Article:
What is a Promise/Best Practice?

Best or Promisnig Practices decisions, activities and interventions in the context of health promotion and disease preventions: 

  • Systemmatically take into account the VALUES and principles of health promotion and public health 
  • Are supported by current scientific KNOWLEDGE as well as knowledge from experts and derived from practice
  • Observe the relevant context factors and achieve the intended POSITIVE effects whilst avoiding negative ones. 

Context Factors such as sociocultural conditions are of extreme importance in health promotion and increase the complexity of an intervention. The goal is not just affect specific life situations and contexts, but also to achieve changes in the dynamic, political and sociocultural environment by working thogether with other stakeholders.

Promising Practices were identified during the Building Healthy Military Communities Rapid needs assessment. Each Practice listed below is detailed int he following section to address program capabilities, reach and impact. This section is inteded to showcase promising practices, draw connections with current intitiatives across all states and incite new idea generation.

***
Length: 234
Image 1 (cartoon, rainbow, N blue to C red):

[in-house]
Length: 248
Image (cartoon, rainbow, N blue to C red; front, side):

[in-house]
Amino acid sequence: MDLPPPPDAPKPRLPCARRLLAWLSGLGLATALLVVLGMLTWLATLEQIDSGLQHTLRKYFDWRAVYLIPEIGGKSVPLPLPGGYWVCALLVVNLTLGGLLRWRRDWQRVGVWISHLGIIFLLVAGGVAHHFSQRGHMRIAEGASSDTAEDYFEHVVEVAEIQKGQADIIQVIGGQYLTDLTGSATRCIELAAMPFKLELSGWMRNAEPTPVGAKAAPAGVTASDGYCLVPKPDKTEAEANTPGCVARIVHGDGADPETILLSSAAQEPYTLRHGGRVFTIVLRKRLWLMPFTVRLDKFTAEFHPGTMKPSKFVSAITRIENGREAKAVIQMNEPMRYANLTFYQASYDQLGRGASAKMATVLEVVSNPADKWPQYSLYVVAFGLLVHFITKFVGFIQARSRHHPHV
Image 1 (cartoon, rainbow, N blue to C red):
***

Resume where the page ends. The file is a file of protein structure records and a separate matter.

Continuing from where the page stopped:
State

Promising Practice example

Florida 

Naval Air Station, Morale, Welfare and Recreation (MWR)- Coordinating Activities and Services using the MWR App

Indiana

Military Families Basic Needs and Thanksgiving Sponsership Program.
Indiana Army Wellness Center.

Maryland 

Union Hospital of Cecil County Collaboration with Cecil County Health Department to execute Community Health Needs Assessment (CHNA) and Community Health Improvement Plan (CHIP)

Minnesota

Beyond the Yellow Ribbon (BTYR) 
BTYR Company Differential PAy Policy 

Mississippi 

Mississippi National Guard (MSNG) Outreach Services via Mobile APP 

New Mexico

Center for Workfource at San Juan College: Flexibility to open programs when needs arises

Oklahoma 

Oklahoma Veteran Connections (OKVC)